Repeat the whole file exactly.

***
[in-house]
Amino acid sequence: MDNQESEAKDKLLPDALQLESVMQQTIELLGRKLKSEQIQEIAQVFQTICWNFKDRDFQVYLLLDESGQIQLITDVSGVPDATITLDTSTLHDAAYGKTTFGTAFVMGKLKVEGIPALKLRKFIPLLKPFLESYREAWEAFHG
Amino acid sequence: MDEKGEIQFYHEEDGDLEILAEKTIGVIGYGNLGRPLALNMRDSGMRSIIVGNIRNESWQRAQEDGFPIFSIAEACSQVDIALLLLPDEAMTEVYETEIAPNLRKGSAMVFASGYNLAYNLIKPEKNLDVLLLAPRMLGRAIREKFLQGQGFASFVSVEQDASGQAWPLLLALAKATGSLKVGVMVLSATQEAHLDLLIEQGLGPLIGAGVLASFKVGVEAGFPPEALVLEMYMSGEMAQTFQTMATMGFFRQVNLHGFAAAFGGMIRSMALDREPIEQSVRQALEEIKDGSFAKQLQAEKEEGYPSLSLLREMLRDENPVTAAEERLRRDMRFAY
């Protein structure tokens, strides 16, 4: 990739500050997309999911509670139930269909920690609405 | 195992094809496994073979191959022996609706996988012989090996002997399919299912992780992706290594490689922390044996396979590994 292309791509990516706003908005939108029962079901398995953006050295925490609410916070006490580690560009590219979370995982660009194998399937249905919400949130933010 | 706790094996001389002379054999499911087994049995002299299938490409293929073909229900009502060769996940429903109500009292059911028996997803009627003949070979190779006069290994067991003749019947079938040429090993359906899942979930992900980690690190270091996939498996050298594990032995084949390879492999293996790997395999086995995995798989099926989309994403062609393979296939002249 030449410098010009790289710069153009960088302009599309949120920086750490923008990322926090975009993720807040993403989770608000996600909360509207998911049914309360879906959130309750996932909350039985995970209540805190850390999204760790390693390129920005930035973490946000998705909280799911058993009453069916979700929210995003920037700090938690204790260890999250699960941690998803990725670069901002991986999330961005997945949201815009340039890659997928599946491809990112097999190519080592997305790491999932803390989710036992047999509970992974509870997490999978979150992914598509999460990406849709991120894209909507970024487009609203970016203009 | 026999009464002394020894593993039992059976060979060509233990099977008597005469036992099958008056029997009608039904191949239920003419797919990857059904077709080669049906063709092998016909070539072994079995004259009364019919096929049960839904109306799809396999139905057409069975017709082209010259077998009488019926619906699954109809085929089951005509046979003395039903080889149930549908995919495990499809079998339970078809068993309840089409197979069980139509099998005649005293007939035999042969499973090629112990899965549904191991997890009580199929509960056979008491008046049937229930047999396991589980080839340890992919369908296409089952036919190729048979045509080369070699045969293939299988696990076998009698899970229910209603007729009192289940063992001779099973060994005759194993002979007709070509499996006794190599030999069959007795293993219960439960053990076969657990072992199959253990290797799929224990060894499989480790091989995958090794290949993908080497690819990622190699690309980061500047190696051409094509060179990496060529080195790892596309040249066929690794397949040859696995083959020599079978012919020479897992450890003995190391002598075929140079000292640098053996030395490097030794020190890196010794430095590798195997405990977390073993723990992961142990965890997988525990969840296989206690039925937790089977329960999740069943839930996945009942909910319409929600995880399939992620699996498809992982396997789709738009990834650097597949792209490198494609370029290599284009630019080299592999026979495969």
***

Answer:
[in-house]
Amino acid sequence: MDNQESEAKDKLLPDALQLESVMQQTIELLGRKLKSEQIQEIAQVFQTICWNFKDRDFQVYLLLDESGQIQLITDVSGVPDATITLDTSTLHDAAYGKTTFGTAFVMGKLKVEGIPALKLRKFIPLLKPFLESYREAWEAFHG
Amino acid sequence: MDEKGEIQFYHEEDGDLEILAEKTIGVIGYGNLGRPLALNMRDSGMRSIIVGNIRNESWQRAQEDGFPIFSIAEACSQVDIALLLLPDEAMTEVYETEIAPNLRKGSAMVFASGYNLAYNLIKPEKNLDVLLLAPRMLGRAIREKFLQGQGFASFVSVEQDASGQAWPLLLALAKATGSLKVGVMVLSATQEAHLDLLIEQGLGPLIGAGVLASFKVGVEAGFPPEALVLEMYMSGEMAQTFQTMATMGFFRQVNLHGFAAAFGGMIRSMALDREPIEQSVRQALEEIKDGSFAKQLQAEKEEGYPSLSLLREMLRDENPVTAAEERLRRDMRFAY
């Protein structure tokens, strides 16, 4: 990739500050997309999911509670139930269909920690609405 | 195992094809496994073979191959022996609706996988012989090996002997399919299912992780992706290594490689922390044996396979590994 292309791509990516706003908005939108029962079901398995953006050295925490609410916070006490580690560009590219979370995982660009194998399937249905919400949130933010 | 706790094996001389002379054999499911087994049995002299299938490409293929073909229900009502060769996940429903109500009292059911028996997803009627003949070979190779006069290994067991003749019947079938040429090993359906899942979930992900980690690190270091996939498996050298594990032995084949390879492999293996790997395999086995995995798989099926989309994403062609393979296939002249 030449410098010009790289710069153009960088302009599309949120920086750490923008990322926090975009993720807040993403989770608000996600909360509207998911049914309360879906959130309750996932909350039985995970209540805190850390999204760790390693390129920005930035973490946000998705909280799911058993009453069916979700929210995003920037700090938690204790260890999250699960941690998803990725670069901002991986999330961005997945949201815009340039890659997928599946491809990112097999190519080592997305790491999932803390989710036992047999509970992974509870997490999978979150992914598509999460990406849709991120894209909507970024487009609203970016203009 | 026999009464002394020894593993039992059976060979060509233990099977008597005469036992099958008056029997009608039904191949239920003419797919990857059904077709080669049906063709092998016909070539072994079995004259009364019919096929049960839904109306799809396999139905057409069975017709082209010259077998009488019926619906699954109809085929089951005509046979003395039903080889149930549908995919495990499809079998339970078809068993309840089409197979069980139509099998005649005293007939035999042969499973090629112990899965549904191991997890009580199929509960056979008491008046049937229930047999396991589980080839340890992919369908296409089952036919190729048979045509080369070699045969293939299988696990076998009698899970229910209603007729009192289940063992001779099973060994005759194993002979007709070509499996006794190599030999069959007795293993219960439960053990076969657990072992199959253990290797799929224990060894499989480790091989995958090794290949993908080497690819990622190699690309980061500047190696051409094509060179990496060529080195790892596309040249066929690794397949040859696995083959020599079978012919020479897992450890003995190391002598075929140079000292640098053996030395490097030794020190890196010794430095590798195997405990977390073993723990992961142990965890997988525990969840296989206690039925937790089977329960999740069943839930996945009942909910319409929600995880399939992620699996498809992982396997789709738009990834650097597949792209490198494609370029290599284009630019080299592999026979495969």